If you offer services rather than physical products, your freebie can be offering an additional service, which is usually available at a higher price, for free.

Geofencing campaigns

Geofencing is a GPS-based technology that allows retailers to communicate with customers physically near your place. How does it work? You can set up a virtual fence that circles your store within a given radius (e.g., 500 meters). Of course, you can't notify anyone who's passing nearby, but if your customers or leads have let you track their location, you can get in touch with them whenever they get close.

Imagine running a small, cozy bookshop and having an opportunity to send a personalized invitation to people nearby. Geofencing is also useful for counter-advertising: set a fence close to your competitors' place and offer their potential customers a discount at your bookshop. It's a bold move but effective.

If you want to know more about geofencing, read Kate's article on our blog.

Gift cards

In the quest of making their offer diversified and suitable for their target audience, retailers find new ways of broadening their portfolio of products. One of the most incredible ideas that fit almost every business out there is gift cards.

Storeowners offer various gift cards – digital, physical, in the form of a simple gift code redeemable at a checkout or a well-designed, premium-packaged card in a branded envelope. Regardless of the form, gift cards offer remarkable flexibility – as a retailer, you can put a specified amount of money on the card, as well as make it redeemable to a specific date.

Using proper retail promotion management software – like Voucherify – you can create thousands of unique gift cards, manage and distribute them among your customers so they can buy from you in an even more accessible and flexible way.

Lights, music, action!

There are a few things brick-and-mortar shops have that you can't transfer to an online store. One of those things is the atmosphere. However, you can create it in your local store using proper lighting and music (calm and soothing for the bookstore, but a more energetic one for a sports store). Playing music in stores isn't just a loose idea – it's been tested and proven many times, but – surprisingly – it went global just a few years ago. In 2017, Target decided to activate their customers' senses with music, and in 2022, it's hard to imagine any superstore without it.

On the other hand, we are all fed up with Christmas songs playing in the background since the middle of November, so be careful with the musical choices for your store.

Note: though technically, you can add playback music to your online store website, I guess people won't find it enticing, and it certainly won't positively affect the atmosphere – music slows the website down, lowers its credibility, and that's not the end of the cons list!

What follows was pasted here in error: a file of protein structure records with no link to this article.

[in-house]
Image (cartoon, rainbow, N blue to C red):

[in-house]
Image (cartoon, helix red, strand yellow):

Loyalty programs

An example of a loyalty program by PizzaHut
Source: PizzaHut

Keeping a customer is tough, but it's also rewarding and much, much cheaper than acquiring a new one. Creating a loyalty program is one of the most effective ways to bring people back to your store.

Studies show that loyalty programs members spend 12-18% more than those who don't participate in them. It's a chance no retailer would want to miss!

Though it's vital, many store owners drop the chance to create a loyalty program because it seems challenging and time-consuming. However, with a tool like Voucherify, building a loyalty program from scratch gets easy, despite hundreds of options available. Create a genuinely personalized loyalty program experience for your customers and make sure they'll think of your store every time they need to make a purchase.

Loyalty programs create a field for creative retail promotions. Encourage customers to perform actions in exchange for loyalty points. Then, let them spend their points on various rewards: one-time discounts, permanent discounts, free products, and so on.

If you're eager to see how Voucherify enables customers to create a successful loyalty program, click below and read our case study:



Online presence

It's not easy to find an online retail store without a Facebook page, but there's more to your brand's online presence than just that. Not to mention that the mere existence of a fan page doesn't bring any results without working on it and being genuinely active.

Online presence consists of a few things. It would be best if you didn't pursue each of them, though – try to balance between being present in various online spaces and being active there. There's no point in creating dozens of profiles if you don't intend to run them actively. But it's not just about social media – online presence means your store's website as well as customer reviews, search ranks, listings, and so on.

Remember that even if you sell offline only, people do a lot of research online before purchasing. So allow them to find your store there – 46% of searches in Google are looking for local information!

What can you do to increase your online presence?

  • Add your retail store to Google Maps (it's free and super-effective).
  • Keep your website SEO- and mobile-friendly.
  • Build social media presence on the most relevant platforms. Instagram and Facebook seem to be a safe choice, but if you're feeling adventurous, you may want to consider becoming a TikToker (seriously).